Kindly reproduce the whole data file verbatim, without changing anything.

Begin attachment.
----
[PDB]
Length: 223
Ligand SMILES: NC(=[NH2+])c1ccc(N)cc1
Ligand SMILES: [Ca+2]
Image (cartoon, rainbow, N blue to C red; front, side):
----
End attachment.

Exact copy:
[PDB]
Length: 223
Ligand SMILES: NC(=[NH2+])c1ccc(N)cc1
Ligand SMILES: [Ca+2]
Image (cartoon, rainbow, N blue to C red; front, side):